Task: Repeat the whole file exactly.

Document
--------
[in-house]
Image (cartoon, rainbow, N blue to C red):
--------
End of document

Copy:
[in-house]
Image (cartoon, rainbow, N blue to C red):